What began as spooky stories told by fellow internet users for each other’s entertainment turned into full productions on YouTube that used those stories as source material or inspiration for the creators’ own horror media, often shown through multiple video installments complete with hidden messages, unlisted secret episodes, and a dedicated fan base excitedly discussing every aspect of the art. Theories and breakdowns of the most popular analog horror series are almost as watched as the series themselves. It’s a thriving community filled with horror fans who have been yearning for this level of creativity that’s been missing from much of the genre in recent memory.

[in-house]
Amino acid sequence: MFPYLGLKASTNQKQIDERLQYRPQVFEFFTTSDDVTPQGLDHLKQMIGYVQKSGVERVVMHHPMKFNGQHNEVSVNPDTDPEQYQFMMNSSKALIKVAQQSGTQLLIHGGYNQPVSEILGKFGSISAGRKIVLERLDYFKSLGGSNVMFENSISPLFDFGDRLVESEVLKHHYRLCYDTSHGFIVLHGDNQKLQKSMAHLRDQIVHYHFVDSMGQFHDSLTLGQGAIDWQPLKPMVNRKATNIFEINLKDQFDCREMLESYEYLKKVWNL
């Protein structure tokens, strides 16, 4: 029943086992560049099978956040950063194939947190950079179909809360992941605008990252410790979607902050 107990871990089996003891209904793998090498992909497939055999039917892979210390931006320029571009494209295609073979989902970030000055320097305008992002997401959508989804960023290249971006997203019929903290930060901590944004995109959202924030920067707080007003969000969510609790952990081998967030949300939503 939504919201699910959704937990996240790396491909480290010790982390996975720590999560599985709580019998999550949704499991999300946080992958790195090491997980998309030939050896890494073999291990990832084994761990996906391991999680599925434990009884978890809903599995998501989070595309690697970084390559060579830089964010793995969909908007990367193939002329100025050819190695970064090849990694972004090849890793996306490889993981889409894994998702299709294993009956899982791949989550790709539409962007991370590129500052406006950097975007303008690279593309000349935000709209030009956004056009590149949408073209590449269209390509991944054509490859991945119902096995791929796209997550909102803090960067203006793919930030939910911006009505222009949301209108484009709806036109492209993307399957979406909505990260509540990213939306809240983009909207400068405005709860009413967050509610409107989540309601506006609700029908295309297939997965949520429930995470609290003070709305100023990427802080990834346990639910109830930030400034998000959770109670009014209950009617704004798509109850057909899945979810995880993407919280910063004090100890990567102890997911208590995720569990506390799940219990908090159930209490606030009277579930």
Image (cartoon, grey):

It should be reiterated that the level of professionalism and creativity of many series in the genre excel their limitations. With all the millions of dollars poured into widely released films, it’s sometimes lost on the average horror fan just how much can be accomplished by one person or a small team of creators with little money, few resources, but huge amounts of skill, tenacity, and passion for what they do.
As is becoming more common through the democratization of content creation via social media, self-publishing, and YouTube, anyone with the talent and knowhow can make their art and deliver it straight into the hands of their audience, cutting out the middleman. This has played a large part in the fervent nature of analog horror’s fan base: the audience feels a close connection to the creator, able to interact and give input as they consume the product, breeding a sense of community where otherwise there would be a few degrees of separation.